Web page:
Q&A: Funz and Gamez creator Phil Ellis

The Edinburgh Comedy award-winning children's show comes to Glasgow International Comedy Festival

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Q&A: Funz and Gamez creator Phil Ellis

Jim Elf, Phil and Bonzo the Dog

As the Edinburgh Comedy Award-winning Funz and Gamez comes to the Glasgow International Comedy Festival, creator Phil Ellis chats (at length) about the genesis of his adult-friendly kids show, how it felt to be an award-winner, and what to do when an after-show chat goes wrong.

In one interview you said that you took more creative risks now than perhaps you had done earlier in your comedy career: is this what led to Funz And Gamez?
When I started out as an open spot back in 2005, I had a very different approach. I was still finding my way and figuring out what sort of style and content best suited me as a performer. The comedians that made me want to do comedy were Rik Mayall and Vic ’n’ Bob. It was hard for me to translate what I wanted to do into a ten-minute set, so I became that unbearable act who puts two random things together into a routine and calls it surrealism.

After a couple of years I began to feel more confident with audience interaction and eventually became an MC on the circuit. I try and just make it up as I go along, which is risky in some respects but a lot less risky than subjecting an audience to my ill-thought-out stand-up routines. Basically, I had no option but to take risks as whenever I sit down to write stand-up, I get bored and end up writing a load of guff. That’s not to say that I don't have anything planned when I get up on stage. I have a train of thought that all revolves around my ex-girlfriend Leanne and that filters into various set-pieces or spontaneous actions that occur during the set. God, I’m waffling now. What was the question again?

In one interview you said that you took more creative risks now than perhaps you had done earlier in your comedy career: is this what led to Funz And Gamez?
Ah yes, so basically I did an Edinburgh Fringe show in 2013 called Unplanned Orphan, the premise being that I was an idiot trying to blag his way to an award by pretending that he’d been adopted and only discovered this at the age of 30. My press releases were very serious and gave no hints that this was a lie. During the run I used notes every day, had a fire alarm go off during a poignant part of the show causing us to all evacuate the venue and continue for a short time in the adjoining beer garden. The show's climax was video footage of me meeting my birth father for the first time, but this was interrupted by a rapping bear as I had got my timings confused and should have finished my show ten minutes earlier.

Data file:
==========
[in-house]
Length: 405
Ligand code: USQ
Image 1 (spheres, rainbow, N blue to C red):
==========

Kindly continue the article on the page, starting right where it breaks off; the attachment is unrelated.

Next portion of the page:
I used to pay someone to dress as a bear and flyer The Bear Show so that some people would actually think that this was a genuine error on my part. That show was pretty risky and my first three reviews were all two-stars from people who just didn’t realise that it was an act. My favourite being the idiot from Broadway Baby who wrote, ‘Paul Ellis’ show was a series of errors … ’ But that was the point – I wanted some people not to get it. Sadly not enough reviewers got on board early enough and I ended up losing close to £8k.

Anyway, about midway through the run I noticed that there were loads of posters for kids shows and the majority of them looked bloody awful. Just some young actors in colourful jumpers blowing a kazoo and wearing a sock puppet, desperately trying to get on CBeebies. I thought: wouldn’t it be funny if the same idiot who’d brought up Unplanned Orphan did a kids show in an obvious attempt to fast-track himself to stardom? I spoke to a few people about the idea and no one seemed convinced. I was told that people were way too precious about their children and that I couldn’t mess around with that format.

I’m a stubborn sod, though, so that made me want to do it more. By the time February came, I’d had to leave my management as they refused to take the show up. No PR company or production team would take the project on so I just decided to take it up myself. I was shitting my pants in all honesty but genuinely excited about the show, and I knew that if I could just get the balance right and push it as far as it could go, it would be a fun show.